Hospitals and medical centers are scrambling to cope with delays in getting foreign medical residents as a result of the Trump administration’s tightening of visa policies.
Starting this past spring, hospitals that sought H-1B skilled guestworker visas on behalf of medical residents started getting requests for additional information as well as denials from the federal government. The reason had to do with the wage survey data the hospitals were using to prove that they’re paying their foreign residents the prevailing wage.
U.S. Citizenship and Immigration Services recently appears to have reversed course and started approving the H-1B petitions that were outright denied or otherwise delayed.
But many residents still are in danger of having to push back their regular July 1 start date as a result of the agency’s earlier scrutiny of their petitions, immigration attorney Adam Cohen told Bloomberg Law. “It’s certainly been a very stressful situation for many,” he said.
“Your whole life gets turned upside down,” a Canadian medical resident whose H-1B petition initially was denied in April told Bloomberg Law.
The resident, who spoke on the condition of anonymity, was supposed to attend orientation at a Midwestern hospital the week of June 18. The USCIS reopened his petition and approved it within the past few days, but he’s still waiting in Toronto to receive the paperwork that will allow him to come to and work in the U.S.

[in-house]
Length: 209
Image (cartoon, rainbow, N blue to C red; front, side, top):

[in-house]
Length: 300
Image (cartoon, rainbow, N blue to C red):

As a result, he’s missed two weeks of pay and has been scrambling to make up the orientation and get other residents to cover what would have been his clinical shifts during the week of July 1.
“We continue to review issues pertaining to private wage surveys and will consider issuing additional guidance to our officers in the future, if needed,” USCIS spokesman Michael Bars told Bloomberg Law. “If a petitioner has questions or concerns about its case, it may send an inquiry to USCIS through appropriate channels,” he said.
Wage Survey Was Issue
The USCIS questioned hospitals’ use of a wage survey conducted by the Association of American Medical Colleges as the method for proving medical residents were paid the prevailing wage. The geographic areas covered by the AAMC survey were too broad to give an accurate picture of what residents should be paid, according to the agency.